in plasma carbon dioxide levels.
  • PaCO2 levels lt35 mm Hg
  • Signs/Symptoms
  • Dizziness, confusion, tingling of extremities,
    convulsions, coma, cerebral vasoconstriction.
  • Causes
  • Hypoxemia, CHF, overdose, hysteria, cirrhosis,
    improper use of mechanical ventilation.
  • Treatment Decrease alveolar ventilation/correct
    cause

58
Blood Gas Components Practice PaCO2
  • 7.38 68 40
    60
  • 7.50 58 28
    38
  • 7.20 42 80
    50
  • 7.34 100 48
    99
  • 7.60 70 22
    75

59
Metabolic Component… HCO3-
  • Bicarbonate (HCO3-)
  • Measure of metabolic base
  • Regulated by kidneys
  • Normal 22-28 mEq/L
  • Abnormal
  • Less than 22 mEq/L metabolic acidosis
  • Greater than 28 mEq/L metabolic alkalosis

60
Objective 3 Describe major categories of
acid/base imbalance and their clinical
manifestations
  • Metabolic Acidosis
  • Noncarbonic acids increase or bicarbonate is lost
    from extracellular fluid
  • Signs/Symptoms Changes in function of
    neurologic, respiratory, gastrointestinal, and
    cardiovascular systems. Headache, lethargy, coma,
    Kussmaul respirations, anorexia, nausea,
    vomiting, diarrhea, death.
  • Treatment Correct cause if necessary administer
    bicarbonate

61
Objective 3 Describe major categories of
acid/base imbalance and their clinical
manifestations
  • Metabolic Alkalosis
  • Loss of metabolic acids occurs, bicarbonate
    increases
  • Causes loss of chloride (vomiting, GI suction)
    hyperaldosteronism, diuretics
  • Signs/Symptoms
  • Weakness, muscle cramps, hyperactive reflexes,
    tetany, depressed respirations, confusion,
    convulsions.
  • Treatment
  • Administer chloride/correct cause

62
Blood Gas Components Practice HCO3-
  • 7.38 68 24 0
    60
  • 7.50 58 35 5
    38
  • 7.20 42 18 -4
    50
  • 7.34 100 21 -3
    99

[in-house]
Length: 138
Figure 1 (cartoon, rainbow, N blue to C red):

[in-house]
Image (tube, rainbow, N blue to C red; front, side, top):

• 7.60 70 32 4
    75

63
Objective 2 Identify alterations in acid-base
balance
  • Compensation occurs in levels
  • Absent or Uncompensated
  • Only primary problem exists
  • pH abnormal
  • Partial Compensation
  • Primary and Secondary problem exists
  • pH abnormal
  • Complete Compensation
  • Primary and secondary problems exist
  • pH normal
  • Correction
  • Occurs when primary and secondary problems
    return to normal and pH is normal.

64
Complete Compensation
  • Two factors
  • 1. pH is normal
  • 2. Primary and secondary problems exist
  • (Metabolic/Respiratory abnormal)
  • Compensated Respiratory Acidosis
  • Compensated Metabolic Alkalosis
  • Normal pH
  • pCO2 ( ) Acidotic HCO3- ( ) Alkalotic

65
Complete Compensation
  • Compensated Metabolic Acidosis
  • Compensated Respiratory Alkalosis
  • Normal pH
  • PaCO2 ( ) Alkalosis
  • HCO3- ( ) Acidosis
  • Remember To determine which one came first, you
    need to know the patients history.

66
Blood Gas Components Complete Compensation
Practice
  • 7.40 68 52 30
    60
  • 7.45 58 30 19
    38
  • 7.37 42 80 34
    50
  • 7.43 100 18 12
    99
  • 7.35 70 40 24
    75

67
Partial Compensation Alkalosis
  • Respiratory and Metabolic Alkalosis
  • pH Alkalotic (not compensated fully)
  • Respiratory
  • PaCO2 ( ) Alkalosis
  • HCO3- ( ) Acidosis
  • Metabolic
  • PaCO2 ( ) Acidosis
  • HCO3- ( ) Alkalosis

68
Partial Compensation Acidosis
  • Respiratory and Metabolic Acidosis
  • pH is Acidotic (not fully compensated)
  • Respiratory
  • PaCO2 ( ) Acidosis
  • HCO3- ( ) Alkalosis
  • Metabolic
  • PaCO2 ( ) Alkalosis
  • HCO3- ( ) Acidosis

69
Blood Gas Components Partial Compensation
Practice
  • 7.30 68 30 20
    60
  • 7.50 58 28 18
    38
  • 7.20 42 80 31
    50
  • 6.80 35 108 35
    30
  • 7.60 70 70 32
    75

70
Summary… Blood Gas Interpretation
  • 1. Oxygenation
  • Look at PaO2 lt60 mmHg Hypoxemia
  • Look at SaO2 lt90 Hypoxemia
  • 2. pH (1) normal pt is normal or